Pressure is building to release more information surrounding the law enforcement response to the Uvalde mass shooting. But some are concerned Texas officials may use a legal loophole to block the release of records related to the shooting.
State law gives officials the option not to release information about suspects and cases that have not resulted in conviction or deferred adjudication. Officials have used the law to avoid providing details about suspects who died during the commission of a crime, or before trial can be completed. It’s been called the “dead suspect loophole.”
Acacia Coronado, a Texas correspondent for the Associated Press, told Texas Standard that legislators have proposed doing away with the loophole in the past. Media outlets, including the AP, have requested information about the Uvalde suspect, but it is unclear whether officials intend to honor those requests. Listen to the interview with Coronado above or read the transcript below.
This transcript has been edited lightly for clarity:
Texas Standard: What is this so-called loophole – the dead suspect loophole?
Acacia Coronado: There is a provision within Texas public information law that allows for records to be concealed if the suspect was not convicted or if the case did not reach a deferred adjudication or parole. And it’s basically meant to protect the innocent. It’s meant to protect people whose cases might have been dismissed or to protect people who might have had charges dropped so that it doesn’t follow them in the future.
Tell us how this has become an issue in the days and weeks since the Uvalde shooting.
The concern that some lawyers and advocates have voiced is that in previous cases in which a suspect is deceased, the Texas attorney general’s office has allowed under this provision for the records to be kept from the public because, technically, if a suspect is deceased, the case did not reach a conviction or a deferred adjudication.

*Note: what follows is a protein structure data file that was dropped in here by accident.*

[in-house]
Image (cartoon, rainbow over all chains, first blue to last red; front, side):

I presume that the Associated Press and others have been trying to get more information, but officials have invoked this provision – or is this more hypothetical?
So far it is more of a hypothetical because the case is still ongoing. So this provision cannot come into play until the case is closed. But the concern is because the suspect is deceased, that this will be something that could be invoked, and would be an option to be invoked if we were to press for records after the case is closed.
Texas House Speaker Dade Phelan recently spoke out against this provision in the law, suggesting that the Texas Legislature consider a bill to get rid of it. Does it seem like he has the support of other state leaders? What sort of momentum has there been on the political level?
In 2017, 2019 and 2021, we saw attempts by Texas House Rep. Joe Moody of El Paso to amend this provision to account for cases in which the suspect is deceased, among other amendments to it in those cases. Speaker Phelan, in his position then, was in favor of amending this provision, and we have yet to see what the Legislature does in the next session. And I think once this comes up, we’ll have a clearer idea of what support exists for it.
Are there reasons to believe that the Texas Department of Public Safety or other law enforcement entities are actively trying to hide or keep details of this incident outside of public view, and that this could be something that would go on past the investigation stage?
Well, the concern right now is that there have been very conflicting accounts that have been stated by officials so far about what happened during the shooting. There have been some cases in which a statement has been made and then withdrawn even hours later. Last week, the AP, along with other media outlets, did receive a letter from a law office representing the City of Uvalde regarding some of the records that have been requested regarding the shooting and the response to the shooting. The law firm is trying to invoke several aspects of the Texas public information law, including the section that does have the provision of the “dead suspect loophole” to maintain these records concealed until we get a ruling from the Texas attorney general’s office. We don’t know yet whether that will come into play.